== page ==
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3.
Hum Vaccin Immunother ; 18(1): 2002087, 2022 12 31.
Article in English | MEDLINE | ID: covidwho-1550497

ABSTRACT

Rotavirus is the most common cause of severe diarrhea among children worldwide. In 2017, Italy included rotavirus vaccination in its National Immunization Program. The use of social media monitoring, an efficient tool to understand vaccine hesitancy, has increased in recent years; however, only a few examples of such monitoring are available for Italy. Present study analyzed content on online sources, including social media, to identify factors contributing to Italian parents' decisions to vaccinate or not their children against rotavirus. Blogmeter Suite was used to search and analyze conversations related to rotavirus in Italian on online sources during 2020. These data were compared with data from 2019. There were 2250 mentions of "rotavirus" recorded; 1080 were related to the rotavirus vaccine. Terms and hashtags used were similar in both years. Facebook was the main source of influence, Instagram dominated the engagement (the sum of interactions related to a post), and Google Trends showed a 5-year upward trend in searches for rotavirus vaccine. Of 1270 sentiment opinions, 60.7% were negative. More parents were familiar with the disease and the vaccine in 2020 compared with 2019. Pediatricians were the most influential healthcare professionals (59.2% of mentions), followed by vaccination staff (33.4%). The most relevant factors for vaccine hesitancy were fear of adverse events, concerns about the vaccination schedule, and COVID-19. Present study represents the first web listening analysis of online discussions about rotavirus. The results can be used to inform targeted communication to counteract misinformation and raise awareness about rotavirus vaccination among parents.


Subject(s)
COVID-19 , Rotavirus Vaccines , Rotavirus , Child , Communication , Humans , Italy , Vaccination/methods
4.
Commun Dis Intell (2018) ; 452021 Nov 30.
Article in English | MEDLINE | ID: covidwho-1543154

ABSTRACT

ABSTRACT: This report from the Australian Rotavirus Surveillance Network describes the circulating rotavirus genotypes identified in children and adults during the period 1 January - 31 December 2020. During this period, 229 faecal specimens were referred for rotavirus G- and P- genotype analysis, including 189 samples that were confirmed as rotavirus positive. Of these, 98/189 were wildtype rotavirus strains and 86/189 were identified as vaccine-like. A further five samples could not be determined as wildtype or vaccine-like due to poor sequence reads. Genotype analysis of the 98 wildtype rotavirus samples from both children and adults demonstrated that G3P[8] was the dominant genotype identified for the third consecutive year, identified in 27.6% of samples, followed by G2P[4] in 20.4% of samples. Forty-six percent of rotavirus positive samples received were identified as vaccine-like, highlighting the need to add caution in interpreting rotavirus positive results in children aged 0-8 months. This surveillance period was significantly impacted by the coronavirus disease 2019 ( COVID-19 ) pandemic. The reduction in rotavirus notifications reflected reduced healthcare-seeking behaviour and a decrease in community spread, with 'community lockdowns', school and day-care centre closure and improved compliance with hand hygiene. Fewer stool samples were collected throughout Australia during this period. There was a reluctance to store samples at collaborating laboratories and uncertainties regarding the safety and feasibility of the transport of samples to the central laboratory during the closure of state and territory borders. Systems have now been adapted to manage and send biological samples safely and confidently. Ongoing rotavirus surveillance is crucial to identify changes in genotypic patterns and to provide diagnostic laboratories quality assurance by reporting incidences of wildtype, vaccine-like, or false positive rotavirus results.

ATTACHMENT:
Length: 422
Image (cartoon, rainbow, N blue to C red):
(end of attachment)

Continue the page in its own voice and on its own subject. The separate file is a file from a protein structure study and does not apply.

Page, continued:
Subject(s)
COVID-19 , Gastroenteritis , Rotavirus Infections , Rotavirus Vaccines , Rotavirus , Adult , Australia/epidemiology , Child , Communicable Disease Control , Humans , Population Surveillance , Rotavirus/genetics , Rotavirus Infections/epidemiology , Rotavirus Infections/prevention & control , SARS-CoV-2
6.
BMJ Glob Health ; 6(5)2021 05.
Article in English | MEDLINE | ID: covidwho-1476468

ABSTRACT